Nicotine replacement therapies (NRTs) appear to work because they relieve withdrawal symptoms of anxiety, depression, difficulty concentrating, insomnia, irritability, restlessness, and nicotine craving. On the other hand, what works for one person may not necessarily work for another but devising a plan is crucial.
Smokers gain an average of 4 kg when they stop smoking. However, research and studies of teaching smokers to diet to keep off weight gain to increase quit rates found just the opposite —dieting caused more relapse.
Research has shown that smokers are four times more likely to give up smoking with the help of a support programme
The National Centre for Smoking Cessation and Training (NCSCT) is a social enterprise committed to support the delivery of effective evidence-based tobacco control programmes and smoking cessation interventions provided by local stop smoking services.
Attendance of a behavioural support programme facilitates smoking cessation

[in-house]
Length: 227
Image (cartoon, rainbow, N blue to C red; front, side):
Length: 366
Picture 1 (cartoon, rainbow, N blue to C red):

Motivation to attend behavioural support is an important factor to stop smoking – it is essential to find a local stop-smoking service. Stop smoking programs assist smokers to identify and cope with some of the problems that can come up during the quitting procedure. In addition they provide support and encouragement in staying smoke-free. Research indicates that the best programs will include either individual or group counselling.
Although self help kits and on-line methods are helpful it is important to bear in mind the relevance of maintaining motivation – which may come from individual or group counselling.
Every year around a million smokers, especially women, use No Smoking Day to try to quit. The No Smoking Day charity estimates that more than 1.5 million smokers have quit for good since its launch in 1983 and with all the new treatments, one-third of smokers who quit now do so via treatment, a rate of treatment use greater than that for alcoholism or obesity.
At any given time, only about 10% of smokers are planning to quit in the next month, 30% are contemplating to quit in the next 6 months, 30% plan to quit at some unknown time, and 30% have no plans to quit. Unfortunately, half of smokers never quit.
To stop smoking completely is the single most important thing a person can do to improve their health.
“Smoking is hateful to the nose, harmful to the brain and dangerous to the lungs.” King James I.